For extra style points, you can include the colours of your brand across the entire site, including on your Add-to-Cart Button. This gives your branding a strong boost, while still offering the contrast the Add-to-Cart button requires. Online Marketplace Amazon.com uses this theory quite well for their ‘Add to cart’ button, which uses the orange from its logo, framed by the complimentary shade of blue, as seen below in Figure 3:

amazon

Figure 3- Amazon.com Add to Cart button

 

***N.B. You should ensure that buttons are labelled correctly: Add to Cart should direct to the Shopping Cart, while Buy Now button should take them straight to the Checkout page.**

 

4. Relevant content on the left, CTA should be on the right.

English language users read left to right, so any content that is vital to the user’s understanding of the product or service should be on the left of the page. This ensures that it is picked up as a user skims through the content. Conversely the Call-to-Action (CTA) button (which will direct the user to the next stage of their website journey ) should be below and to the right, as highlighted by Figure 4, also known as the Gutenberg diagram. This diagram highlights how the general eye pattern of a web user moves around when skimming through content.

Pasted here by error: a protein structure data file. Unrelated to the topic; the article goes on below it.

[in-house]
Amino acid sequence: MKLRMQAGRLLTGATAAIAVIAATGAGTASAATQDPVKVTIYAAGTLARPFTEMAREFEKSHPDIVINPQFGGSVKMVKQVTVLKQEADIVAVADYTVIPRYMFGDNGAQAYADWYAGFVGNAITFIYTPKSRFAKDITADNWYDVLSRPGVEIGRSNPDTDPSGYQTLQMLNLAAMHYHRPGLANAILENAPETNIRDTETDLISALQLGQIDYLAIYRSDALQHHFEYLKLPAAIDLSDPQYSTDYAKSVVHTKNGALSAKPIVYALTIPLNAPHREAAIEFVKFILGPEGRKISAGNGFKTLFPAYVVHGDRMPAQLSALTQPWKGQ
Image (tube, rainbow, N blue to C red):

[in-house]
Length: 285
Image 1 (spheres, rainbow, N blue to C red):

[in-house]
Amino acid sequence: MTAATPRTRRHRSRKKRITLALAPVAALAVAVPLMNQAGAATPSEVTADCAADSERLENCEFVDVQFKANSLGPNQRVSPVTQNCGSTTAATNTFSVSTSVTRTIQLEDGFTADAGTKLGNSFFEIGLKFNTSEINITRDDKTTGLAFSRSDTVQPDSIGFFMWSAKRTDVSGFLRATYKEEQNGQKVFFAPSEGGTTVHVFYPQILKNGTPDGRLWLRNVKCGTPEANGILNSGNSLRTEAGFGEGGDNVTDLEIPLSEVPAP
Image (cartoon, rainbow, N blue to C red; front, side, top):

gutenburg_diagram

Figure 4- Gutenberg Diagram

 

The heat map of a Google Search engine result page in figure 5 shows that user instinctively go to the upper left of the page when searching for information, which is where Google displays the highest ranked links.

google heatmap

FIgure 5- Heat Map from a Google SERP

5. One clear Call-To-Action (CTA) per page

When a user lands on a page, they should have one clear route to take to achieve the sale or subscription. Having too many CTA’s can give the user too many options and cause them to either exit the website or get lost navigating around your website.